Today’s marketers can’t afford to be afraid of data. The simple truth of the matter is that becoming more data-driven delivers better business performance.
But becoming data mature doesn’t mean sucking all the creativity out of your job — it just means giving you the tools so that you can do it better. You probably have a decent idea by now of what martech could make your life easier. But getting buy-in from the C-suite can be challenging given all the competing priorities for budget.
That’s why you need to show how you’d get an ROI out of any martech tools that you’re bringing to the table. To help you build the business case for data maturity, here are some points to get you started.
1. Understand how to optimize ad spend
It’s much easier to make decisions and course-correct on a campaign if you have a clear view of marketing performance across all your channels. This means spotting opportunities for channels that are performing well and giving them a boost, but it also means catching anomalies like a huge spike in CPC for certain AdWords. By catching these kinds of budget drains early on, you can avoid wasted ad spend. As tech becomes more marketer-friendly and marketers become more data-savvy, martech is going to be able to support marketers to spend more time on the creative side of things. Data platforms have become extremely sophisticated over the last few years, marketers are able to now understand what is the next best step to optimize campaigns, so their ads are having the maximum impact.
For the C-suite, increasing efficiency is going to be the big draw. And while optimizing their marketing budgets is a major part of this, being able to measure and report on the impact of those budget optimizations to stakeholders is also incredibly important.
Recent research found that 51% of CMOs and CDOs struggle to measure ROI on marketing spend, and 47% struggle to demonstrate the business impact of marketing efforts, so it’s likely that your fellow marketers in the C-suite are going to understand the need for this one all too well.
2. Make timely decisions based on data
Slow data analysis means slow decisions. If it takes you three days to get any meaningful insights from your marketing data, then those insights will already be outdated by the time you put them into practice. Customer behavior changes quickly, and modern marketing teams can’t afford to waste time on manual data integration. If marketers have access to timely data insights they can strike while the iron is hot.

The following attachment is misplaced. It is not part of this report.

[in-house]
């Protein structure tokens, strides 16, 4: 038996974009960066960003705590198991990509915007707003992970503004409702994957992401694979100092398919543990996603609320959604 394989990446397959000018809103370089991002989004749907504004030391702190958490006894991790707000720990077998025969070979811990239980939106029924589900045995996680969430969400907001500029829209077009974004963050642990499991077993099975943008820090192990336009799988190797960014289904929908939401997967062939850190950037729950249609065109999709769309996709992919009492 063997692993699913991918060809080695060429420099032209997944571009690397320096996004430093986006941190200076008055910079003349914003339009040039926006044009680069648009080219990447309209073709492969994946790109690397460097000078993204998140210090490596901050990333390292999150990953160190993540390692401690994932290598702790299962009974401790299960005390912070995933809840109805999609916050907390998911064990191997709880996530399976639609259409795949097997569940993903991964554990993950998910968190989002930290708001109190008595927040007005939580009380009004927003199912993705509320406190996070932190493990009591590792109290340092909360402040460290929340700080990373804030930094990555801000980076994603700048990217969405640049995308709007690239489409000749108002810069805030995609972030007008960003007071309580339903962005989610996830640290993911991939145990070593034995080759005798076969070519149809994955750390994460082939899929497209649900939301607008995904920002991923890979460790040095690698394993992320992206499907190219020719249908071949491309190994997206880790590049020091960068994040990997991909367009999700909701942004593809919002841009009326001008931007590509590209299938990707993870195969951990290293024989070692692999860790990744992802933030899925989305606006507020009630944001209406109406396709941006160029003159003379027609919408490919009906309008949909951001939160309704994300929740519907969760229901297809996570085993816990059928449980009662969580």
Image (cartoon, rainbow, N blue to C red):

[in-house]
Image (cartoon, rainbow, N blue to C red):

We were doing marketing in the dark.
Head of Marketing Insights and Performance, global consumer electricals company
In short, slower campaign optimization translates to more wasted budget, and ultimately means you’re losing out to competitors.
So what does that mean in terms of cold hard cash? A recent study found one consumer electricals company made $2.9 million in ad spend savings over three years due to timely insights on performance.
“We were doing marketing in the dark,” said the Head of Marketing Insights and Performance. “We had spreadsheet-based reporting, which is like looking in the rear mirror at what happened last month, but we were not able to look forward and steer.”
3. Spend less time on reporting
One recent report found that 58% of marketing teams build their routine reports manually on spreadsheets. So it’s no wonder that time spent on manual data wrangling for reporting was the top challenge for marketers in 2021. 40% said they struggled with this.
Finding tech that can take on these painstaking processes means you can spend much less time on mundane tasks like getting data in one place for reporting or analysis.
A recent study on a global consumer electricals company found that having access to up-to-date reports and dashboards saved the marketing teams significant time and effort on running weekly or monthly spreadsheet-based reports.
The company estimated that this could cut down about 75% of their time spent on these activities which amounted to time savings of $1.8 million over three years.
“We’re past the digital tipping point now — if you want your organization to remain competitive, data must be a key part of your marketing strategy,” says Harriet Durnford-Smith, CMO at Adverity, “If your role has been slowly creeping into IT territory, then it might be time to remind your CMO where your value as a marketer lies.”
It might be time to remind your CMO where your value as a marketer lies.
Harriet Durnford-Smith, CMO, Adverity
“At its core, the marketing role is a creative one, and it revolves around storytelling. Data analytics is a fantastic tool to understand which stories work well, and where they should be told. But having access to insights from your data shouldn’t mean you have to take on endless data cleaning and combining tasks, especially when these tasks can be easily automated.”